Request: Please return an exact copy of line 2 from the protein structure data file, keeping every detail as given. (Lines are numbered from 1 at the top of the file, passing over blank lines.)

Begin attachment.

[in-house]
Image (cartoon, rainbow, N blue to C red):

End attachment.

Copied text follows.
Image (cartoon, rainbow, N blue to C red):